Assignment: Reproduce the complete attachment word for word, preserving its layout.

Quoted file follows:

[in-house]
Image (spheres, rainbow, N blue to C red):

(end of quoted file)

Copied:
[in-house]
Image (spheres, rainbow, N blue to C red):